According to a recent report from Car Magazine, BMW’s much talked-about wireless charging system will enter commercial mass-market production in July. Autoblog is reporting that the German automaker has already confirmed the news, saying that the device will also be brought to the US in addition to its European release. The system is expected to work with many of the company’s plug-in hybrid models (PHEVs), and will be available in Europe by the end of the summer.
What’s interesting is that BMW says its inductive charging system will not have a direct purchase option, but will only be available as a lease option for the 530e iPerformance sedan in Europe. In the US, availability will be even more limited, at least, to start with. According to the company, the device will only be available in the country as part of “a pilot program limited to the 530e in California only”.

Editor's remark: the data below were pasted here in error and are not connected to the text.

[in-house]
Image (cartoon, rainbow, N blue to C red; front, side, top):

While BMW’s inductive charging system is expected to be compatible with many of its vehicles, there’s no official compatibility list from the company just yet. It isn’t entirely clear right now whether the automaker’s popular electric vehicles, the i3 and the i8, will also support the charging mat.
Interestingly, though, even as there’s no confirmation about whether the device will support BMW’s own electric models apart from the 530e, it is said to be fully compatible with Daimler Benz’ Mercedes S560e hybrid as part of a partnership between the two German automotive giants.
It is worth noting that whether it’s smartphones or automobiles, inductive charging isn’t nearly as fast as plugging a device into the wall socket, largely because of the inherent lack of efficiency while transferring energy from the charging pad to the battery. According to BMW, it should take about 3.5-hrs to charge the 530e’s 9.2 kWh battery wirelessly, which is about 15 percent longer than simply plugging it into a wall-socket.